School-aged: Better academic achievers, more likely to get a's, have better quantitative and verbal skills, have higher grade point averages, receive superior grades, or perform a year above their expected age level on academic tests. Are more likely to live in cognitively stimulating homes. (Bing, 1963; Goldstein, 1982; Radin, 1982; Astone & McLanahan, 1991; Blanchard & Biller, 1971; Cooksey & Fondell, 1996; Feldman & Wentzel, 1990; Goldstein, 1982; Gottfried, Gottfriend & Bathurst, 1988; National Center for Education Statistics, 1997; Shinn, 1978; Snarey, 1993; Wentzel & Feldman, 1993; and William, 1997; as cited in Allen & Daly, 2007) More likely to enjoy school, have better attitudes toward school, participate in extracurricular activities, and graduate. They are less likely to fail a grade, have poor attendance or have behavior problems at school. (Aston & McLanahan, 1991; Brown & Rise, 1991; Mosely & Thompson, 1995; National Center for Education Statistics, 1997; and William, 1997; as cited in Allen & Daly, 2007)

II. Emotional Development

Children of involved fathers are stated by Allen & Daly (2007) to be "more likely to demonstrate a greater tolerance for stress and frustration, have superior problem solving and adaptive skills, be more playful, resourceful, skillful, attentive when presented with a problem, and are better able to manage their emotions and impulses in an adaptive manner." Children of involved fathers are further stated by Allen & Daly to be "more likely to demonstrate a greater internal locus of control, have a greater ability to take initiative, use self-direction and control and display less impulsivity." (2007) Allen & Daly furthermore state that young adults who have had nurturing and available father while growing up are "more likely to score high on measures of self acceptance and personal and social adjustment. " (2007) These young adults are further reported to see themselves as "dependable, trusting, practical and friends, be more likely to succeed in their work, and be mentally health. The variable that is most consistently associated with positive life outcomes is the quality of the father child relationship. Children are better off when their relationship with their father is secure, supportive, reciprocal, sensitive, close, nurturing, and warm." (Allen & Daly, 2007)

III. Social Development

Allen & Daly report that involvement of the father is "positively correlated with children's overall social competence, maturity, and capacity for relatedness with others." (2007) Children of involved fathers are furthermore stated to be "more likely to have positive peer relations and be popular and well liked. Their peer relations are typified by less negativity, less aggression, less conflict, more reciprocity, more generosity, and more positive friendship qualities." (Allen & Daly, 2007)

IV. Father Involvement and Female Adolescent Sexual Risk Behaviors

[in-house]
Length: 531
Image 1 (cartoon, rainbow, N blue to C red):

The work of Sarah Allen and Kerry Daly (2007) entitled: "The Effects of Father Involvement: An Updated Research Summary of the Evidence Inventory" presents an updated overview of key trends in the father involvement literature. In terms of cognitive development: 'Infants of highly involved fathers, as measure by amount of interaction including higher levels of play and caregiving activities, are more cognitively competent at 6 months and score higher on the Bayley Scales of Infant Development (Pedersen, Rubinstein & Yarro, 1979; Pedersen, Anderson & Kain, 1980; as cited in Allen and Daly, 2007) by the age of one year these infants "continue to have higher cognitive functioning (Nugent, 1991; as cited in Allen and Daly, 2007) and are better problem solvers by the time they are toddlers (Easterbrooks and Goldberg, 1985; as cited in Allen and Daly, 2007) the work of Matthew Bean entitled: "Understanding Fathers' Roles: An Evidence-Based Practice Guide for Family Therapists" relates that "Several studies show that increased father involvement is associated with decreased delinquency and increased moral development in children. In a recent review of literature on paternal acceptance/rejection, Rohner and Veneziano (2001) found a significant body of research showing that father love is associated negatively with aggression, substance abuse, conduct problems, and delinquency in youth." (2001) in addition: "Later research has replicated the findings of the individual studies cited in Rohner and Veneziano's extensive review of fathering literature, thereby supporting further the conclusion that positive father involvement is associated negatively with children making poor choices." (Bean, 2006) Bean further states that Pleck and Masciadrelli (2004) made a lengthy review of research on paternal involvement in U.S. fathers and state conclusions that "research which controls for mother involvement has shown a correlation between father involvement and adolescent psychological well-being and identity formation." (2006) Bean (2006) notes that research results which emphasize the negative impacts of fathers as poor sex-role models "show also the lack of father involvement to be associated with negative child outcomes. Higher rates of delinquency, early sexual intercourse, and drinking along with reduced rates of school achievement and poor levels of well-being, have been associated with diminished father involvement." (2006) Research with the new emphasis on father involvement in nurturing of children has made comparisons of fathers who are highly involved to those in families where women were the primary nurturer of the children. Research shows that the children in families where fathers were more involved in child care: "...have the same increases in psychological well being, school achievement, and so on that has been found for other dimensions of father involvement. Furthermore, research on father involvement indicates that a lack of father involvement according to the societal prescription leads to increases in delinquency and risk-taking behaviors and an overall decline in mental health and well-being." (Pleck, 2003; as cited in Bean, 2006) Bean relates the work of Hariss, Furstenberg, and Marmer (1998) who conducted a correlational analysis using data from a national survey of children to investigate the influence of fathers over children's life course. They found that children who came from families in which marital conflict and poverty were low and measures of father involvement and parents education were rated higher, were generally more likely to have positive outcomes over their life course." (Bean, 2006) These results have been replicated in other studies that controlled for similar variables and showed that father involvement "and the subsequent improvement in… [END OF PREVIEW] . . . READ MORE